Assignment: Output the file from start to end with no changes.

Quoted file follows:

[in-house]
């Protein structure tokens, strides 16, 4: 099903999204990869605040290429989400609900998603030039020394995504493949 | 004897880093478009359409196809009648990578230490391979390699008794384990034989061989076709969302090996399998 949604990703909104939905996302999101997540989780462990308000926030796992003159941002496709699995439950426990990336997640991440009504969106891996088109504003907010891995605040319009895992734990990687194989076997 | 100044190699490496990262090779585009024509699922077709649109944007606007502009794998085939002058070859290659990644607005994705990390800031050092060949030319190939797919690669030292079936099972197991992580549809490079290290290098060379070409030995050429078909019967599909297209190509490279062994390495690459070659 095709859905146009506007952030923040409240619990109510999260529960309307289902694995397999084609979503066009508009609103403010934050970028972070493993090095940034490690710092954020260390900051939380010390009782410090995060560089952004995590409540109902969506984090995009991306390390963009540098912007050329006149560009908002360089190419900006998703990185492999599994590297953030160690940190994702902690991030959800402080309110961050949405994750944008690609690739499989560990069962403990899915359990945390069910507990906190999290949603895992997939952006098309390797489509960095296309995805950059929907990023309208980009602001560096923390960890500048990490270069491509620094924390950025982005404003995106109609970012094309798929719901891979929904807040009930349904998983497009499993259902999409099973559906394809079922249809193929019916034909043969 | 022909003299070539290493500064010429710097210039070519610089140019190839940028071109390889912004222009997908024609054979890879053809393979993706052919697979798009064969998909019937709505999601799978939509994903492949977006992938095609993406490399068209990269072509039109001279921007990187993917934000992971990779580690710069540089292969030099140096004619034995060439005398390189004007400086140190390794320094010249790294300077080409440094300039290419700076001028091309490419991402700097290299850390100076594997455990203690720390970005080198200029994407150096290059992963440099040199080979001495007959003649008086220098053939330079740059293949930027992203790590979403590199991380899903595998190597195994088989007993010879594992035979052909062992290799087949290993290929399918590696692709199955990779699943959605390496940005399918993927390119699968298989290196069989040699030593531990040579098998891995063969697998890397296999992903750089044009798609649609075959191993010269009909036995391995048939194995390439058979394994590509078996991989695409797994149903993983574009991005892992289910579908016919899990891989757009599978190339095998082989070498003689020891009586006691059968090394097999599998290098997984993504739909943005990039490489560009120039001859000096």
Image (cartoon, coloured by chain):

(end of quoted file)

[in-house]
């Protein structure tokens, strides 16, 4: 099903999204990869605040290429989400609900998603030039020394995504493949 | 004897880093478009359409196809009648990578230490391979390699008794384990034989061989076709969302090996399998 949604990703909104939905996302999101997540989780462990308000926030796992003159941002496709699995439950426990990336997640991440009504969106891996088109504003907010891995605040319009895992734990990687194989076997 | 100044190699490496990262090779585009024509699922077709649109944007606007502009794998085939002058070859290659990644607005994705990390800031050092060949030319190939797919690669030292079936099972197991992580549809490079290290290098060379070409030995050429078909019967599909297209190509490279062994390495690459070659 095709859905146009506007952030923040409240619990109510999260529960309307289902694995397999084609979503066009508009609103403010934050970028972070493993090095940034490690710092954020260390900051939380010390009782410090995060560089952004995590409540109902969506984090995009991306390390963009540098912007050329006149560009908002360089190419900006998703990185492999599994590297953030160690940190994702902690991030959800402080309110961050949405994750944008690609690739499989560990069962403990899915359990945390069910507990906190999290949603895992997939952006098309390797489509960095296309995805950059929907990023309208980009602001560096923390960890500048990490270069491509620094924390950025982005404003995106109609970012094309798929719901891979929904807040009930349904998983497009499993259902999409099973559906394809079922249809193929019916034909043969 | 022909003299070539290493500064010429710097210039070519610089140019190839940028071109390889912004222009997908024609054979890879053809393979993706052919697979798009064969998909019937709505999601799978939509994903492949977006992938095609993406490399068209990269072509039109001279921007990187993917934000992971990779580690710069540089292969030099140096004619034995060439005398390189004007400086140190390794320094010249790294300077080409440094300039290419700076001028091309490419991402700097290299850390100076594997455990203690720390970005080198200029994407150096290059992963440099040199080979001495007959003649008086220098053939330079740059293949930027992203790590979403590199991380899903595998190597195994088989007993010879594992035979052909062992290799087949290993290929399918590696692709199955990779699943959605390496940005399918993927390119699968298989290196069989040699030593531990040579098998891995063969697998890397296999992903750089044009798609649609075959191993010269009909036995391995048939194995390439058979394994590509078996991989695409797994149903993983574009991005892992289910579908016919899990891989757009599978190339095998082989070498003689020891009586006691059968090394097999599998290098997984993504739909943005990039490489560009120039001859000096």
Image (cartoon, coloured by chain):